Now, whether that’s because 50 years of abortion advocacy has had its impact, or we just haven’t done our job getting our case out there, it really doesn’t matter. The point is, if you are not equipped to make a case for life where you are at, you’re not helping the cause. The days of saying, we’ll leave this to a, a small group of professional pro-lifers who will get it done for us, no.
Those days are so far over. Forget it. We are in a new time where all hands need to be on deck. We need everyone contending for the pro-life view and that means you. Wherever you are, student professional, whatever, we need you all hands on deck. A third reason is we need people who understand pro-life apologetics in their churches.
It’s bad enough, the public isn’t with us. It’s really bad that the audience is predisposed to be favorable to our view, aren’t hearing our message in the first place because a lot of their church leaders have convinced themselves. Abortion is a. Separate political issue over here that has nothing to do with conveying biblical gospel.
Nothing could be further from the truth, and we’ll discuss that in this show as time goes on. Again, all of us have to be AP apologists now. That’s why this show matters to you wherever you are in your pro-life journey. Now, last week we talked about arguments. We talked about the need to make our case persuasively, and we presented a formal pro-life argument, and I told you then, and I’ll remind you again.
Now you’ve gotta start with that argument. That argument is that premise one, it’s wrong to intentionally kill innocent human beings. Premise two, abortion does that. Therefore abortion is wrong. Now the thing about that, Syllogism as we call it, is you can only refute it a couple of different ways. Number one, you can show that the premises are false, that one or more of them is untrue, meaning the argument is unsound.
Or you can show the conclusion doesn’t logically follow and therefore the argument is invalid. There is the third way you can refute it, which we’re gonna look at today. Show that the terminology is unclear. That the premises contain definitions that are not clear, or maybe they’re equivocal. They can mean more than one thing as we’ll.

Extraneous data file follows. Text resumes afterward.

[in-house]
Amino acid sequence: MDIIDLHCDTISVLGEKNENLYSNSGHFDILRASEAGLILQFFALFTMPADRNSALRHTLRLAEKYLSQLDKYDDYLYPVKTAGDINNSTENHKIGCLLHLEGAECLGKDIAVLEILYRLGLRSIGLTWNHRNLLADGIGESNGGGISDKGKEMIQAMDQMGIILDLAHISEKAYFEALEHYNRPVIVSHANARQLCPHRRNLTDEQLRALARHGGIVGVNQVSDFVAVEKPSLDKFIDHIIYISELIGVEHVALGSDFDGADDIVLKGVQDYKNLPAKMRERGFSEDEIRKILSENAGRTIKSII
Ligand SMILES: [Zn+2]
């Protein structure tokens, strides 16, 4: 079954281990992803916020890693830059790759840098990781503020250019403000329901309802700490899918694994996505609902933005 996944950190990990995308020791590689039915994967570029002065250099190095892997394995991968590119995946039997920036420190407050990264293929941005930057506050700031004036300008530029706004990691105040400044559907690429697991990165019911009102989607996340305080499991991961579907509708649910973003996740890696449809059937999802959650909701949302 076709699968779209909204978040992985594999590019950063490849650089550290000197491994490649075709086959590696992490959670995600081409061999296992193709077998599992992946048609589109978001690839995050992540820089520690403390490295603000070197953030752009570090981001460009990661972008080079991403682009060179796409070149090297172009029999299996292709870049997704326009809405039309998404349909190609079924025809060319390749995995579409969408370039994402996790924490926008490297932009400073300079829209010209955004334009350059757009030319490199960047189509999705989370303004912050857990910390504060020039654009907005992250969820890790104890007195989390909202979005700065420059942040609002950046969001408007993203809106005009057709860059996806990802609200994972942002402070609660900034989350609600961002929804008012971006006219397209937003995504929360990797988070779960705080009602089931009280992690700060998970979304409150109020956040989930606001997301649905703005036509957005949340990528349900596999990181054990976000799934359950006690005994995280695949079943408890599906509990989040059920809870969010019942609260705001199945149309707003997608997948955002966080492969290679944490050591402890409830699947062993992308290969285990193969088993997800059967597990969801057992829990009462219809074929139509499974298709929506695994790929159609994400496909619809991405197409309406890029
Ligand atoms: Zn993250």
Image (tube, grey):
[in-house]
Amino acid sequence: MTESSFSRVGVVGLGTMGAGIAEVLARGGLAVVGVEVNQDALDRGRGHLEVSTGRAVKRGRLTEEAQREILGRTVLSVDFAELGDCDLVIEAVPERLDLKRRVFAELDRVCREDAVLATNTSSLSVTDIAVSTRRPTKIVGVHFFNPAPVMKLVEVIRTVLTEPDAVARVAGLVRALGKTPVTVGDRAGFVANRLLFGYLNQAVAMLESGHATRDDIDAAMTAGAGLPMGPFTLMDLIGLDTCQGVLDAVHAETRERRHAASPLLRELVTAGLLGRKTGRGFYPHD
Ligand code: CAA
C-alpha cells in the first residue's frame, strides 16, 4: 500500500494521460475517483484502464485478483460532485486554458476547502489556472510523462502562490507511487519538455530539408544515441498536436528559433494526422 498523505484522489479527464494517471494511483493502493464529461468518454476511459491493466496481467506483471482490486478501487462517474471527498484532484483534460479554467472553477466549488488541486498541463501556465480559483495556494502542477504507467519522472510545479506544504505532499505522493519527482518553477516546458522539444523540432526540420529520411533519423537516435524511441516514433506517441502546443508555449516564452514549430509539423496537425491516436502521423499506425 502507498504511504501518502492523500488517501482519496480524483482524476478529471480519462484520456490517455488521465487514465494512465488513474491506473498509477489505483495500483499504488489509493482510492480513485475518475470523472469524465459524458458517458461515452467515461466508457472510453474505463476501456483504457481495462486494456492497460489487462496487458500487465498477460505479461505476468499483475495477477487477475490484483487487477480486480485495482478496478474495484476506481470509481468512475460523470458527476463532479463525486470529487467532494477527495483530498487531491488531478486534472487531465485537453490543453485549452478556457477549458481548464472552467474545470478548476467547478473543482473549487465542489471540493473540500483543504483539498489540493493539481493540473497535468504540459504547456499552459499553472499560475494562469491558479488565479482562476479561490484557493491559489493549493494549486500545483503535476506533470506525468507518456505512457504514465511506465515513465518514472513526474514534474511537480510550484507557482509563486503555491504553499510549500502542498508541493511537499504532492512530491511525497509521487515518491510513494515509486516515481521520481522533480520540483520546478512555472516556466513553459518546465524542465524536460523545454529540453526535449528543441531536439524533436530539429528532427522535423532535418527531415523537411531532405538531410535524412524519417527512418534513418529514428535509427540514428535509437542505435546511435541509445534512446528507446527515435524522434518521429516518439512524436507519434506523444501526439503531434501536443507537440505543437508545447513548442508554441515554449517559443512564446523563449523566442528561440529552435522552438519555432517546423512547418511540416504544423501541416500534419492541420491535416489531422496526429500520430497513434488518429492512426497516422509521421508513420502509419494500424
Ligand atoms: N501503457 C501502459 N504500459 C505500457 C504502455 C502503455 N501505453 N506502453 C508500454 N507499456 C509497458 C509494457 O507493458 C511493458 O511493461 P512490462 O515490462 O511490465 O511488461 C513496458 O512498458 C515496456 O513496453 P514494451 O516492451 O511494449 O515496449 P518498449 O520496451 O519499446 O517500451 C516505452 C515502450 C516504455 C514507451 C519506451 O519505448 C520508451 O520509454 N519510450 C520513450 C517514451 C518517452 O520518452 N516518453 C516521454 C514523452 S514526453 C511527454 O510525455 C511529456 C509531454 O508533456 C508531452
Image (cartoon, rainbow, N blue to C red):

Look at today, none of that is true with a pro-life argument. Our terms are clear. So let’s dive in. What do we mean by some of the terms we use in our argument when we say that it’s wrong to intentionally kill an innocent human being? Abortion does that, therefore it’s wrong. Let’s start with the term wrong.
We need to be very clear on what we mean here, because what we mean by it is pro-life advocates, and what a lot of people in the public mean by the word wrong, are two completely different things. The term wrong has been retained, but it’s been completely redefined. Here’s what we mean by wrong. It is objectively wrong.
Now, when we say something is objective, what we mean is it’s true regardless of how I feel about it. It’s possible that I may like stealing my father-in-law’s Corvette and taking it for a nice drive up P c H, past Malibu, all the way to Santa Barbara. But that does not mean that it’s okay for me to do it, just because I feel it’s okay.
I. You, most people would say, no, you can’t do that. It would be wrong, and here’s what they mean. It, it would be wrong even if I wanna do it, even if he would never know about it, even if it suits my preferences. It’s wrong objectively. And when pro-lifers say abortion is wrong, objectively. We do not mean we dislike abortion.
In fact, it’s quite possible to like something and still say it’s wrong. Think of the example of me taking my father-in-law’s Corvette. I may like to do that, but it would still be wrong. Therefore, I’m not going to do it. When we say abortion is wrong. We are not talking about a subjective claim about likes and dislikes.